Isaiah 58:8 says,
“… the glory of the LORD will protect you from behind.“
That means He’s always got my back. He’s always looking out for me and, like my pastor, when one of his kids is in trouble, He will move heaven and earth to get to them.
GIVING GOD THE GLORY NO MATTER WHAT YOU ARE FACING
Witnessing a magnificent fireworks display, hearing a stunning symphony, or seeing a glorious sunset can evoke a response of praise.
But often, it’s easier to praise a sunset than the Creator of the sunset. In that same way, the difficulties of life often cloud our vision and keep us from praising God. What can we do to restore a heart-attitude of praise?
THE NATURE OF PRAISE
Praise, according to the Scriptures, is an act of our will that flows out of an awe and reverence for our Creator. Praise gives glory to God and opens us up to a deeper union with Him. It turns our attention off of our problems and on the nature and character of God Himself.
As we focus our minds on God and proclaim His goodness, we reflect His glory back to Him. The results can fill you with peace and contentment ( Isaiah 26:3) and transform your outlook on life.
REASONS TO PRAISE
Very simply, we praise God because He is worthy of our praise ( 1 Chron. 16:25; Rev. 5:11-14). He is the Alpha and Omega, the Beginning and the End, the King of kings and Lord of lords. He is our Creator, Provider, Healer, Redeemer, Judge, Defender and much more.
Another foundational reason to praise God is simple obedience. The Bible says God is a “jealous” God who demands and desires our praise. “You shall have no other gods before Me,” says the first commandment ( Deut. 6:7). As the psalmist said, “Let everything that has breath praise the Lord” ( Psalm 150:6).
As we praise God, we will discover incredible benefits for our lives. That’s because human beings were created by God to praise Him ( Isa. 43:7, Matt. 21:16). Due to man’s original sin, however, this relationship was disrupted. Praising God helps restore us to that right relationship, for God actually dwells in the praises of His people ( Psalm 22:3). As we draw near to the Father in praise, He draws near to us ( James 4:8).
Praise is also our ultimate destiny. When the Lord Jesus Christ returns again to earth, all creation — including prideful mankind — will recognize His glory and praise Him ( Phil. 2:9-11).
PRAISE FOR PROTECTION
God also gives us assurances of additional blessings as we praise Him. When we praise God, He honors us as His children, and provides His loving protection ( 2 Sam. 22:47-51). Failure to praise God, however, leaves us out of fellowship with God and out of His divine protection ( 1 Samuel 2:27-32).
Our praise can also serve as a powerful witness to those who do not know the Lord ( 1 Peter 2:9). Also, God can work miraculously through our praises. The ancient walls of Jericho came crashing down, giving victory to God’s people, as a result of shouts of praise ( Joshua 6:1-21). The prison doors shook open when Paul and Silas praised God ( Acts 16:25-26).
OBSTACLES TO PRAISE
Praise is both important and powerful. So why is it so difficult at times to praise God? The Bible explains that, even with the power of the indwelling Jesus, our hearts are still “more deceitful that all else” (Jer. 17:9). We sometimes forget that we are always dependent on God to live victoriously in this life.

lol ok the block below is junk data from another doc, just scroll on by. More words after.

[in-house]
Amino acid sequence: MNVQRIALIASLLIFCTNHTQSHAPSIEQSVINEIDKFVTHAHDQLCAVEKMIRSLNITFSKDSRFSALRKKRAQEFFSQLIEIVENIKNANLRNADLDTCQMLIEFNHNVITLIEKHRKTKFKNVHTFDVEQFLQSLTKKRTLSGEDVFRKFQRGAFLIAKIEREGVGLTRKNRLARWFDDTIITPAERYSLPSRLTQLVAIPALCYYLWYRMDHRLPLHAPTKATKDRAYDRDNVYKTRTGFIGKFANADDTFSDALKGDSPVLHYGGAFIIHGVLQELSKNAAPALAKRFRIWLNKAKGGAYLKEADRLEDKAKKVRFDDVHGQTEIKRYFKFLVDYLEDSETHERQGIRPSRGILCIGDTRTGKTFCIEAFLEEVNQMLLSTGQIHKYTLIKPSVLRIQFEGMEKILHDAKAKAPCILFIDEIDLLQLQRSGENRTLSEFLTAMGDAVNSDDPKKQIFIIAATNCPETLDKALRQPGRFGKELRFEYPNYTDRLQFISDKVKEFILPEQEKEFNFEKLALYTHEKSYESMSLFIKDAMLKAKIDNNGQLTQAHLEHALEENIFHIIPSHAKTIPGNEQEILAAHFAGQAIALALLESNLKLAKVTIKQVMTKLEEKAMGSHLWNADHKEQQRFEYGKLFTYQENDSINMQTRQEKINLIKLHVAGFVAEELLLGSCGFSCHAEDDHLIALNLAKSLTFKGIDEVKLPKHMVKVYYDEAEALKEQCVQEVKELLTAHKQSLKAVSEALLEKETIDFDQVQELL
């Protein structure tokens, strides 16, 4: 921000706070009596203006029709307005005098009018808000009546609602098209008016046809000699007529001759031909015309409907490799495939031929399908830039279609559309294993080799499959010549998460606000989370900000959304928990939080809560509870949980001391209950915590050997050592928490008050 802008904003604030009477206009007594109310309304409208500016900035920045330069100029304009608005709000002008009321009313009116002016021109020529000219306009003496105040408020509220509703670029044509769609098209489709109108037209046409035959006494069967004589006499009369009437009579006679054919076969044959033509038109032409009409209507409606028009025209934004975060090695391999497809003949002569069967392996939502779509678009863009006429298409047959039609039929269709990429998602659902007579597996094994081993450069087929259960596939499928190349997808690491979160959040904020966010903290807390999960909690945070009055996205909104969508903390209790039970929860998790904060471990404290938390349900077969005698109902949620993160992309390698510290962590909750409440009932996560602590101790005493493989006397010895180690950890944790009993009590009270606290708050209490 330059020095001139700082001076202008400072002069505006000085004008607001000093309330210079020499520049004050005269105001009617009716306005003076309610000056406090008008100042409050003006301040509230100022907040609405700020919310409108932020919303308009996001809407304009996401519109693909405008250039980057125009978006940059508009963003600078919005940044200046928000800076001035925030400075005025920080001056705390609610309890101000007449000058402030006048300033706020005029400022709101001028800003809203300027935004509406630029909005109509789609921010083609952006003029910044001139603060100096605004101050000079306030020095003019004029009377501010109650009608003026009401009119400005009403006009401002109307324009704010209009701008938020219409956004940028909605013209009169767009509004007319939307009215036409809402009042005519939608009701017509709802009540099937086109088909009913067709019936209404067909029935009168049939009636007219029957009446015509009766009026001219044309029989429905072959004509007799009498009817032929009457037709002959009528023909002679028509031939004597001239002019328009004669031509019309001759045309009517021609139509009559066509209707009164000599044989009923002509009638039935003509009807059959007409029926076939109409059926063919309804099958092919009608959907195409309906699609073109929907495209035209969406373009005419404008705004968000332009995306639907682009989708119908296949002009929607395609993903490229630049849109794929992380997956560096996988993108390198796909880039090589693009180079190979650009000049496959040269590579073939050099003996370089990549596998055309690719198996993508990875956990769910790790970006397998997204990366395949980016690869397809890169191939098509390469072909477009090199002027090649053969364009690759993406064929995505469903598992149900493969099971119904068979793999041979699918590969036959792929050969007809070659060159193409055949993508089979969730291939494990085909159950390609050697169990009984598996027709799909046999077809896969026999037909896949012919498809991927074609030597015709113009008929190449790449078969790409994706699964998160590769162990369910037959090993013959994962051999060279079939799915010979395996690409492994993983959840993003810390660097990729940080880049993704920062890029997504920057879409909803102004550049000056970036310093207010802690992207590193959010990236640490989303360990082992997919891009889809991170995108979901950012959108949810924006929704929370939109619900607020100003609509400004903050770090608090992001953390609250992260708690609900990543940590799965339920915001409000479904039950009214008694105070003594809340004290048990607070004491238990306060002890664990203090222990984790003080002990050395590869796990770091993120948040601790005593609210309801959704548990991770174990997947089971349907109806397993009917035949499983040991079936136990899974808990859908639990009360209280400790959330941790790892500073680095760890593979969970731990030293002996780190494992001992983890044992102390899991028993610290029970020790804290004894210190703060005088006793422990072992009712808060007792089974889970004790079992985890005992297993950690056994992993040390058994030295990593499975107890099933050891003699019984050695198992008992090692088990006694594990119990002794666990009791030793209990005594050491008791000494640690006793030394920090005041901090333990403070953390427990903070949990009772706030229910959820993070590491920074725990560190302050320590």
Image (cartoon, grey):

Satan therefore tries to persuade us that we will eventually reach a point where we can “do it ourselves.” The Scriptures are clear that Satan “prowls about like a roaring lion, seeking someone to devour” ( 1 Peter 5:8).
Disguised as an “angel of light,” the devil and his host seek subtly to subvert the praises the children of God owe to their heavenly Father.
God, however, has given us grace in times of need, provided we humble ourselves (Matt. 23:12; James 4:5-10). Praising God allows us to defeat the strategies of the enemy. As God’s adopted children, we no longer have to remain slaves to sin (Gal. 4:6-7). We have a powerful spiritual weapon in praise, and it is guaranteed to be effective (2 Cor. 10:4-5).
LIVING A LIFE OF PRAISE
It is vitally important to live in an attitude of praise toward God. But what can you do if you are having difficulty maintaining a life filled with praise?
1. Commit your life to Christ. First, be absolutely sure that you have placed your complete faith in Jesus Christ as Lord and Savior of your life. The Bible says that “if you confess with your mouth Jesus as Lord, and believe in your heart that God raised Him from the dead, you shall be saved” ( Rom. 10:9). The life of praise begins here, with the confession of your mouth that “Jesus is Lord.”
2. Confess sin and repent. Sin, including prideful self-reliance, separates us from God and from His love and protection. But we have the assurance of forgiveness if we come to Him in repentance ( 1 John 1:9). Confess any known sin and ask God to search your heart. Then, receive His forgiveness.
3. Praise God anyway! Despite your present feelings, it is important to offer praise to God, what Hebrews 13:15 calls a sacrifice” of praise. Despite our feelings or circumstances, God often asks us to take the first step, especially when He is trying to help us grow in our faith ( James 1:2-4).
4. Join together with other believers. Sharing your struggles with another brother or sister in Christ is not only good idea ( Ecc. 4:9-10), it is commanded ( James 5:16). Uniting with other believers in regular worship is also a key to being able to praise God ( Heb. 10:24-25).
AS YOU PRAY
Are you living a life filled with praise for God? If not, take a few moments to examine your life and your relationship with Jesus. If you have not made Him Lord of your life, start there. Then, confess any known sin and receive His forgiveness. Ask Him to renew you and refresh your spirit.
“Lord, You have made me and You love me. Forgive me for failing to give You the praise which You deserve. I confess my need of You in all things. I desire to walk in joy and praise. Release me now into a deeper understanding of who You are, so that I may truly praise You. I ask all this in Jesus’ name. Amen.”
GOD’S WORD ON PRAISE
“Sing to the Lord, all the earth; Proclaim good tidings of His salvation from day to day. Tell of His glory among the nations, His wonderful deeds among all the peoples. For great is the Lord, and greatly to be praised; He also is to be feared above all gods” ( 1 Chron. 16:23-25).